Students at Grant Elementary School are already singing the praises of physical fitness, months before they’ll see the effects of a grant awarded to the city.
They helped open a school assembly and news conference Thursday morning with a new jingle, singing: “When you bike, walk or wheel, see how good you feel!”
Until a few years ago, I suffered from anniversary blues during this time of year. This is a condition that affects some people annually around the dates when they have undergone traumatic experiences. As it happened, my anniversaries coincided with the period between Thanksgiving and Christmas, when some folks experience unadulterated joy. When I spoke to my therapist friends, they told me that there were many, many people who suffered the same thing. The situation only caused me trouble the few times I had to do business with immature people. These folks always jump to the conclusion that everybody feels the same way they do about everything.
Fortunately, I got past all that after awhile, but it left a lasting impression. And so every year around this time I try to get the message out that, “Your thrill is not everybody’s thrill, so try to keep a lid on it, whatever it is.” Most people, especially those who move in wider, more diverse circles, are always conscious of religious differences. There is probably no other time during the year when people need to be as aware of social and cultural differences among their friends and colleagues as during the holidays.
By Sunday afternoon, beer cans and broken bottles were the only remnants of a late-night college party that turned tragic. A 20-year-old MU student was shot to death outside a duplex on Riva Ridge Court about 3:30 a.m. Sunday after a fight broke out among party guests, said Columbia police Capt. Mike Martin.
Charles Blondis, a sophomore classics major at MU, was shot at least once in the upper torso and was pronounced dead at the scene. Police said they found three shell casings and have not yet determined whether Blondis was hit by more than one shot.
Local businesses have a new option to preserve Columbia’s environment. The city’s Solid Waste Division is now offering a commercial recycling service for businesses that is similar to the residential blue bag and fiber pickup.
“Between Civic Recycling and our new program, we should have Columbia’s recycling needs well-covered,” said Richard Wieman, Solid Waste Utility manager. The new program is part of an evolving process designed to meet Columbia’s changing recycling needs. This week, the Solid Waste Utility will begin operating a new sorting line for fiber. The line will be located in the material recovery facility that was erected by the city in fall of 2002. Much of the equipment inside the recovery facility, including the new sorting line, was provided by grants.
Waymon Jones’ 2000 Mazda Protege is the ultimate tricked-out car.
The deep-blue exterior features tinted windows, 18-inch aluminum wheels and purple neon undercarriage lights. A nitrous oxide injection system, considered illegal for street racing, gives his car an extra boost.
In the quiet, little town of Westbrook, Maine, older residents receive rides for their daily errands through a transportation network that provides door-to-door service at relatively low cost.
The Boone County Senior Board, citing a growing need for senior transportation service in the county, hopes to use Westbrook’s Independent Transportation Network as the model for a service here. Board Director Ann Gowans said she likes the Westbrook system, which relies on volunteers with private vehicles and paid drivers with donated cars, according to its Web site.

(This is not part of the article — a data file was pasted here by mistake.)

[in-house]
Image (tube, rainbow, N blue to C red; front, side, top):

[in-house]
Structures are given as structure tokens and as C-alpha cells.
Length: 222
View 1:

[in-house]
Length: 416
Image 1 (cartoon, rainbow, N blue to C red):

Sometime Saturday evening, the Missouri football team’s best friend suddenly became its worst enemy.
As soon as the Tigers (7-3, 3-3 Big 12 Conference) were done cheering the Kansas State Wildcats to victory against Nebraska, they had to get ready to play those Wildcats in the biggest game Missouri football has seen in a long time.
The seniors came to the rescue for the Missouri women’s basketball team Sunday at Hearnes Center.
After squandering a significant halftime lead, Missouri coach Cindy Stein depended on her senior leaders in an 86-52 exhibition win against Sparta Praha, a club team based in Prague, Czech Republic.
Depth was the key.
While Missouri struggled to overcome injuries, Kansas used its bench to defeat the Tigers 2-0 on Sunday in the second round of the NCAA Women’s Soccer Tournament at Audrey J. Walton Stadium.
It was a “sign from God” that prompted Cadillac Jack’s former owner to sell him to MU veterinary student Christina Truesdale, and she considers him the best mule in the world. Three years after she rescued him from a life of abuse, Cadillac Jack seems to have found his peace. And his appetite.
“I have a skinny old dog, and my mule is a porker,” Truesdale said while petting Jack’s belly during a recent visit to his stable.
Rifle shots shattered the usual silence of the countryside Saturday as firearms deer season officially opened in Boone County. The nice weather meant plenty of deer, and hunters could be found roaming the county or checking their deer at one of four Boone County checking sites.
The Bittings family traveled more than 150 miles from Marshfield to hunt with their friend, Robert Riesenmy, whom they first met 10 years ago on a pow-wow circuit. The Bittings are Cherokee, and Riesenmy is of Osage and French descent.
Cindy Stein, Missouri women’s basketball coach, said the first half of Sunday’s game was like nothing else she had seen before. She wasn’t impressed, though.
“At halftime I told them I thought it was the ugliest game I’d ever been a part of,” Stein said. “I was not pleased with our shooting. I didn’t think we always took good shots.